Using a kitchen scale, measure ¾ lb of soy wax flakes to make 9 to 12 wax melts.

2. Melting

Pour the measured soy wax flakes into a candle-melting pitcher to safely melt. Then place the pitcher inside a large saucepan filled with 2 inches of water. Using the double boiler method, heat on medium to low heat with a gentle simmer at most, often stirring with a heat-resistant silicone whisk or spatula.

3. Cooling 

After melting, remove the pitcher from the heat immediately and clip a candle thermometer inside of the pitcher to watch the wax cool to the suggested temperature of your fragrance oil or 125°F for essential oils.

4. Adding Fragrance

Next, add 1-ounce fragrance oil or essential oils and stir constantly, but slowly for 1 to 2 minutes to thoroughly incorporate.  

5. Pouring

After adding the scent, on a sturdy, solid surface, carefully pour the wax ¾ the way full into 9 to 12 cavities of the silicone mold

6. Arranging Dried Flowers

Allow the wax to begin to cool in the mold for a few minutes. Then start arranging dried flowers in each wax melt. Use tweezers for tiny pieces and a toothpick to adjust petals or leaves. 

I kept it simple for these floral wax melts by adding one large Gomphrena Globosa Linn flower from this box of dried flowers. I love how vibrant their color is, and the texture adds to the appeal. 

For Best Results:

  • Allow homemade wax melts to cure 24 hours before melting for best results. 
  • These floral soy wax melts are suitable for use in both electric and tea light wax melt warmers. (See the tips below on how to choose a wax warmer.) 
  • To use, place one floral wax melt, dried flower side up, on the top of the wax warmer. Light a tea light candle underneath or turn the wax warmer light to begin melting. 
  • No need to worry about floating flower petals, leaves, or even glitter. Neither will get hot enough to burn. They’ll just keep looking pretty!
I know you’ll love making these floral wax melts. I’m storing these dried flower wax melts in a glass jar because they are just too pretty not to display!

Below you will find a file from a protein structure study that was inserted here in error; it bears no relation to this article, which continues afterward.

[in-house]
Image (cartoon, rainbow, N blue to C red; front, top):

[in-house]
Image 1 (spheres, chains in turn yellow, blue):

Tips for Choosing a Wax Melt Warmer:

You can have a wax melt warmer in any room of your home that has an outlet! Don’t be afraid to get creative with wax melts made with a unique fragrance to refresh each space and decorative wax warmers to suit your style. 

What are the different types of wax warmers? 

First, don’t get wax warmers mixed up with candle warmers. A candle warmer is essentially a small electric plate that you place a container candle on top of to melt the candle without lighting the wick. 

A wax warmer like this ceramic paisley pattern warmer from Target has a removable shallow tray designed for wax melts on the top. When plugged in, the warming bulb underneath slowly melts the wax, releasing the fragrance and creating a pattern of light on your surroundings. You can also find these as a small wall plug-in warmer for small spaces such as a powder room. 

Another option is a tea light burner, with an opening for an unscented tea light candle under a reservoir for wax melts. These have an outdoor appeal to me, but some prefer them since you don’t need an outlet or electricity to use. 

No matter what type of wax warmer you choose, I know you’ll love making these floral wax melts. I’m storing these dried flower wax melts in a glass jar because they are too pretty not to display! I nearly resisted melting the first few. But, I adore the way the dried flowers float in the melted wax as the fragrance envelopes your space. 

Pin these five steps to make wax melts with dried flowers now and tag #farmhousechicliving on Instagram to share your candle-making with us.